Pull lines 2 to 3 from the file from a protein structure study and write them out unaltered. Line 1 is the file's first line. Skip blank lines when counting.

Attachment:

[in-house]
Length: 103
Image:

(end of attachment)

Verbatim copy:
Length: 103
Image: